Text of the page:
Founded by women in the Washington, D.C. area, WMI is a hands-on international outreach effort. Since January 2008, WMI has issued over 6,000 loans in 60 villages in rural East Africa, maintains a 100% repayment rate, and has now established a $300,000 revolving credit facility. Because the loans carry interest, they produce income to issue more loans to new borrowers.
WMI borrowers use their loan money to grow and sell produce, open small shops and roadside food stands, raise chickens, tailor clothes, open beauty salons and carpentry shops and grow coffee. The women use their profits to pay school fees, buy better food, improve their homes, obtain healthcare for their families, and expand their businesses.
WMI promotes social justice and human capacity building, and provided financial literacy training. The loan program is run by village-level women’s empowerment groups. No collateral is required and the women guarantee each other’s loans. They take their repayment responsibilities seriously, use their money cautiously and manage their businesses carefully.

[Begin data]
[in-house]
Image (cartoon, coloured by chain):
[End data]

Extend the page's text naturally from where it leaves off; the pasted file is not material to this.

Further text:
In January 2010, the first WMI borrowers graduated to bank loans in a unique partnership WMI has developed with Post Bank Uganda. After 24-months in WMI’s village-friendly program, successful borrowers graduate to the Transition Fund, which provides a loan directly from PostBank for one year. After that, successful borrowers graduate to independent banking. As of October 2012, 320 women are in independent banking and 280 women are in the transition program.
This progression to independent banking in a 36-month cycle is fully sustainable once initially funded, and continues in perpetuity to graduate experienced rural businesswomen into the formal economy at the same rate loans are issued to new borrowers. Once a woman moves on to the Transition Fund, her loan funds are recycled to a first-time borrower. This allows WMI to focus capital on first-time loans and ensure the growth of the village economies.
This blog is currently being updated by the WMI Resource Fellow in Uganda, Hannah Kahl and WMI media intern, Jess Littman.